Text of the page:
PARIS (Reuters) - Francois Hollande, the man who plans to be France’s “Mr Normal” president, has stopped going to work by scooter but told voters he will still take the train and do the family shopping as head of state - at least, he jokes, “if the fridge is empty”.
As soon as he ended his 15-minute victory speech on Sunday, he was whisked away under police escort, underlining the limits to “normality” that security will impose. But the declaration of intent was part of the strategy that swept him to power.
The 57-year-old Socialist has spent more than a year on the campaign trail, building his stature, finetuning his tax-and-spend manifesto, and vowing to do away with the brash style that earned Nicolas Sarkozy the nickname “president bling bling”.
In character, his deliberately low-key victory speech eschewed loft rhetoric and hinted at hard times ahead.
“I want to be judged on two commitments: to justice and to youth,” Hollande said, promising to invest more in education and putting young people back to work.
In a race marked more by fatigue with Sarkozy than fervor for Hollande, his few concessions to fashion were to trade his jam-jar spectacles for designer glasses and go on a strict diet that deprived him of chocolate cake and a double chin.
His partner Valerie Trierweiler also wants to stick to a simple life. She relishes the already too-rare moments when the two share dinner on the sofa in front of the television, even if, she says, he tends to use too much butter in his cooking.
She says she will happily play “second fiddle as first lady” but she wants to remain a working mum, in part to pay for the upkeep of three teenage sons that the twice-divorced journalist had before moving in with Hollande.
Hollande previously lived for a quarter of a century with Segolene Royal, the Socialist candidate for president who lost to Sarkozy in 2007. Royal, with whom he had four children, announced her split from him weeks after her poll defeat.
Hollande, born in the middle-sized northwestern city of Rouen, where he attended a private Catholic school, never married Royal and is not married to Trierweiler, which may cause minor protocol headaches when it comes to state visits.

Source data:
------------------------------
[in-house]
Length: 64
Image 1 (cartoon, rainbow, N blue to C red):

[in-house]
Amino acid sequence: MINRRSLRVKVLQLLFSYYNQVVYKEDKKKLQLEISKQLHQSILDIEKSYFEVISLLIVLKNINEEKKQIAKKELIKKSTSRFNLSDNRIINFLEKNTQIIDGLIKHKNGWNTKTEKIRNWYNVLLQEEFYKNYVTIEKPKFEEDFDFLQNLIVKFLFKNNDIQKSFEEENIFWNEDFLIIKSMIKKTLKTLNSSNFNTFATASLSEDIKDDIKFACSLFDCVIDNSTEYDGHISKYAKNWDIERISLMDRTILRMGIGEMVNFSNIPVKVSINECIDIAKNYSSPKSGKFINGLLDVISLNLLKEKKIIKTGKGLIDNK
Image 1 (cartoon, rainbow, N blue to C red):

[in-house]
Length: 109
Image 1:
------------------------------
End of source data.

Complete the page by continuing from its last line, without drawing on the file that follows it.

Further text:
Economically, Hollande says there is no reason to subject France to drastic Greek-style austerity and he will try to get the rest of Europe, starting with German leader Angela Merkel, to commit in tandem to pro-growth strategies.
He has never held a ministerial post during 30 years in politics, knows few world leaders personally, and until recently was perhaps better known abroad as Royal’s partner.
However, Hollande has become something of an international curiosity since he dared to challenge what he branded a recipe for “endless austerity” driven by Berlin.
His platform relies on tax rises, mainly on the rich and companies, to fund spending on schools, state-aided job creation and letting those who started work at 18 retire at 60, while simultaneously working towards balancing the budget by 2017.
He is no radical leftist, despite vowing to slap a 75 percent rate of income tax on annual earnings above 1 million euros ($1.31 million). That will hurt some 3,000 people but is more symbolic than effective in terms of revenue.
The challenges facing the country, rather than his person, was the focus of the speech he delivered on Sunday in Tulle, a town 500 km south of Paris in the heart of his rural political fiefdom of the past 30 years.
Beyond the fact that Sarkozy was an easy target after years of economic crisis, Hollande’s strongest selling point may be that he bends with the wind but has never broken. One of his nicknames is “marsh reed” (“roseau” in French).
Few took Hollande seriously when he entered the race in early 2011 while former IMF chief Dominique Strauss-Kahn was hot favorite to represent the Socialists. He was catapulted into pole position only after Strauss-Kahn was arrested in New York on sex assault charges, since dropped, last May.
Less charitable Socialists dubbed Hollande “Flanby” after a brand of wobbly egg-custard pudding.
He surprised many in a near three-hour TV duel with Sarkozy before Sunday’s vote by more than holding his own against the conservative president, a formidable debater whose reputation for bulldozing his opponents off the stage is legend.
Hollande made the most of his image as an affable, contagiously witty politician at a time when Sarkozy’s hard-hitting energy has lost its magic.
The Socialist says symbols matter and has promised to cut presidential and ministerial salaries by 30 percent as his first act to show the elite can tighten its belt in tough times.
He has promised that the head of state will no longer enjoy legal immunity while in office for suspected offences preceding his election, unlike the blanket protection that exists now.
Hollande said he would like to travel by train rather than presidential jet when possible, even if his train would have to be tailed by a jet in any case for security reasons.
Hollande’s mother, a social worker who was very close to him and died in 2009, adored France’s last left-wing president, Francois Mitterrand. His father, an eye and ear doctor, dabbled in far-right politics in the 1960s, opposing France’s pullout from Algeria.
Trierweiler, interviewed by womens’ magazine Femme Actuelle days before Sunday’s ballot, confided that one of his quirks in domestic life is that he never closes the door behind him.
She even managed to turn that to his advantage, saying: “He never closes the door to anyone, as he has nothing to hide.” ($1 = 0.7625 euros)
Reporting By Brian Love; Editing by Paul Taylor